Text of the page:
Gillen, Z. M., Shoemaker, M. E., McKay, B. D., Bohannon, N. A., Gibson, S. M., & Cramer, J. T. (2019). Muscle strength, size, and neuromuscular function before and during adolescence. European Journal of Applied Physiology, 119(7), 1619-1632. https://doi.org/10.1007/s00421-019-04151-4
Gillen ZM, et al. Muscle Strength, Size, and Neuromuscular Function Before and During Adolescence. Eur J Appl Physiol. 2019;119(7):1619-1632. PubMed PMID: 31087141.
* Article titles in AMA citation format should be in sentence-case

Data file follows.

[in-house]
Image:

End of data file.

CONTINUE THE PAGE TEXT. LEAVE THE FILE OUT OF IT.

TY - JOUR T1 - Muscle strength, size, and neuromuscular function before and during adolescence. AU - Gillen,Zachary M, AU - Shoemaker,Marni E, AU - McKay,Brianna D, AU - Bohannon,Nicholas A, AU - Gibson,Sydney M, AU - Cramer,Joel T, Y1 - 2019/05/13/ PY - 2018/12/22/received PY - 2019/04/24/accepted PY - 2019/5/16/pubmed PY - 2019/11/28/medline PY - 2019/5/16/entrez KW - Electromyography KW - Isometric strength KW - Mechanomyography KW - Youth SP - 1619 EP - 1632 JF - European journal of applied physiology JO - Eur. J. Appl. Physiol. VL - 119 IS - 7 N2 - PURPOSE: To compare measurements of muscle strength, size, and neuromuscular function among pre-adolescent and adolescent boys and girls with distinctly different strength capabilities. METHODS: Fifteen boys (mean age ± confidence interval: 13.0 ± 1.0 years) and 13 girls (12.9 ± 1.1 years) were categorized as low strength (LS, n = 14) or high strength (HS, n = 14) based on isometric maximal voluntary contraction strength of the leg extensors. Height (HT), seated height, and weight (WT) determined maturity offset, while percent body fat and fat-free mass (FFM) were estimated from skinfold measurements. Quadriceps femoris muscle cross-sectional area (CSA) was assessed from ultrasound images. Isometric ramp contractions of the leg extensors were performed while surface electromyographic amplitude (EMGRMS) and mechanomyographic amplitude (MMGRMS) were recorded for the vastus lateralis (VL). Neuromuscular efficiency from the EMG and MMG signals (NMEEMG and NMEMMG, respectively) and log-transformed EMG and MMG vs. torque relationships were also used to examine neuromuscular responses. RESULTS: HS was 99-117% stronger, 2.3-2.8 years older, 14.0-15.7 cm taller, 20.9-22.3 kg heavier, 2.3-2.4 years more biologically mature, and exhibited 39-43% greater CSA than LS (p ≤ 0.001). HS exhibited 74-81% higher NMEEMG than LS (p ≤ 0.022), while HS girls exhibited the highest NMEMMG (p ≤ 0.045). Even after scaling for HT, WT, CSA, and FFM, strength was still 36-90% greater for HS than LS (p ≤ 0.031). The MMGRMS patterns in the LS group displayed more type I motor unit characteristics. CONCLUSIONS: Neuromuscular adaptations likely influence strength increases from pre-adolescence to adolescence, particularly when examining large, force-producing muscles and large strength differences explained by biological maturity, rather than simply age. SN - 1439-6327 UR - https://www.unboundmedicine.com/medline/citation/31087141/Muscle_strength_size_and_neuromuscular_function_before_and_during_adolescence_ L2 - https://dx.doi.org/10.1007/s00421-019-04151-4 DB - PRIME DP - Unbound Medicine ER -